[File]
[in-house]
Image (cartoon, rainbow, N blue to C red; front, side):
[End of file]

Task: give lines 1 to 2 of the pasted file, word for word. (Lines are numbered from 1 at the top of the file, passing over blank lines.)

[in-house]
Image (cartoon, rainbow, N blue to C red; front, side):